modified and affirmed.
MR. JUSTICE CARDOZO delivered the opinion of the Court.
In April, 1926, the bankrupt, Henry Barceloux, was the owner of
2,500 shares of the Peter Barceloux Company, a quarter of the
capital stock. The other three quarters were owned, one by his
brother George, one by his sister Cora, and one by three nephews,
the sons of a deceased
Page 289 U. S. 229
brother. The book value of the bankrupt's shares was over
$90,000, and the actual value over $94,000, but the shares were not
traded in, and had no current value in, the market. The business
was a family affair, and strangers were not welcome within the
A time arrived when the unwelcome stranger seemed likely to
break in. The family combined to maintain its solidarity, and keep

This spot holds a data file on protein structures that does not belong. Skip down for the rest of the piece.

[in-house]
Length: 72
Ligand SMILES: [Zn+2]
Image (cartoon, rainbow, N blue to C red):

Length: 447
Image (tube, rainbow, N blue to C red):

the intruder out. Henry Barceloux had become heavily involved in
debt. A former partner, Freeman, had recovered a judgment against
him for nearly $50,000. Freeman had been lenient, but Freeman was
now dead, and the administrator was asking for security as the
price of delay. There were other creditors too, though they are not
shown to have been importunate. With these intruders visible, the
family set out to build protective barriers. There is testimony
that Henry Barceloux was indebted to the corporation in upwards of
$33,000. On April 27, 1926, he secured part of this indebtedness by
a pledge of 2,499 shares of the Barceloux stock. The agreement was
in writing. We are assured by the family that it was confirmatory
of an oral agreement made some years before, but the testimony as
to this is not persuasive, and might, not unreasonably, be rejected
by the trier of the facts. The movement of events was swift
thereafter. The Freeman administrator had still to be placated. He
was put off in June, 1926, with an assignment of the equity in the
Barceloux shares together with an assignment of an interest in
heavily mortgaged lands. He gave notice to the corporation of his